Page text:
By Rabbi Joshua Levine-Grater, Rabbinic Cabinet

Yom Hazikaron and Yom Ha'atzmaut, Israel's Memorial Day and Independence Day, fall in the period of the counting the Omer, the holy period between Passover and Shavuot. During these weeks, we ritualistically count each day as it goes past, in a state of semi-mourning for ancient losses, and on Yom Hazikaron, we grieve anew the tragic loss of young Israeli lives in the decades' long Israeli-Arab conflict. Traditionally, Jews do not get married during the Omer -- but an exception is made for Yom Ha'atzmaut, a day too joyful to allow such sorrow.

But we must ask if Israel is truly "atzma'it," "independent," when the entire country still lives in fear of violence, when the very notion of a peaceful existence is seen as fanciful by some -- when the idea of trying to talk to one's enemies is rejected as dangerous? How can our joy not be tempered?

In the search for an answer, I am reminded of the haftorah for the Shabbat of Passover, which speaks of the prophet Ezekiel's vision of "the dry bones." (Ez. 37:1-14). This vision is often cited as a prooftext in a theological discussion on resurrection -- but for the past several years I have understood the text as a sign of hope for the moribund peace process.

Ezekiel has a vision of a valley of dry bones, and wonders if they can live again. He then witnesses God's work of returning flesh and skin to the bones, bringing them back to life. Perhaps God is telling us that while God will provide the energy to return the flesh and skin, we humans must summon forth the "ruach," the "energy, breath or spirit" of the bones in order for them to live -- an understanding that it could be a metaphor for the hard work of making peace in the Middle East.

In each moment, there is a divine inspiration that we can choose to accept or ignore. In the diplomatic process, we have an opportunity to revive the dry bones of peace -- or to let them gain flesh and skin through meaningless talk and empty gestures, but remain without the breath of true commitment, and therefore without life. What will we choose this time?

The valley of dry bones that is the Israeli-Palestinian conflict remains without hope of life as long as we don't seize opportunities to breathe in new energy. As we observe Yom Hazikaron, it would be right to mourn not just the courageous soldiers who lost their lives in service to their country but to also grieve the many lost opportunities to create a lasting peace that would have ended the need for such sacrifice. Let us light a yartzheit  (memorial) candle not just for the lives lost, but also for all the times we failed to save lives by making peace.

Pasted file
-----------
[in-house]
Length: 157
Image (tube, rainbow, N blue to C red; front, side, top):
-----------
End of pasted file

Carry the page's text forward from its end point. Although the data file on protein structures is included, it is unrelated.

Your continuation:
And then, let us rise up and celebrate Israel's life and independence, honoring all of the amazing moments in the past 61 years, moments that can make us proud to be Jews. It is crucial that we allow for celebration, that we give credit and honor to what Israel has given to the world and to us, for we cannot and must not remain in the darkness of the yartzheit candle if we are to seek peace and grow hope.

But it is equally crucial that, as we celebrate, we also summon forth our inner will to recommit ourselves, our friends, our family, our neighbors, all people, to the hard work of peace, and to use our celebration to inspire us to breathe new life into this quest. The time is now.

Brit Tzedek v'Shalom is proud to be a leadership partner in the American Jewish community's rising call for peace. We know that peace, dialogue, compromise and honest evaluation of reality are the true tools for security; bombs, hatred, intransigence and denial have failed us in the past and will fail us in the future.

In verse 11 of Ezekiel's vision, we read the words, "avda tikvateinu," "the hope is gone," from the House of Israel.  It is these very words, with an added "od lo," meaning "never again" that became the heart of Israel's national anthem, "Hatikvah" -- because we must never lose hope, never lose our breath, our energy for peace.

Will it be easy? Certainly not. Are their major obstacles in our way? Absolutely. However, the United States now has a President who is ready to do the hard work of bringing peace back to the Middle East. Let us stand behind him and with him, and may the dry bones of the years of war grow new flesh, new skin and may we be the breath of life that brings shalom, true and lasting peace.

Rabbi Joshua Levine-Grater, spiritual leader of the Pasadena Jewish Temple and Center, serves as the National Secretary of Brit Tzedek v’Shalom and on the Rabbinic Cabinet. He also is a member of the advisory boards of Just Vision and JStreet.


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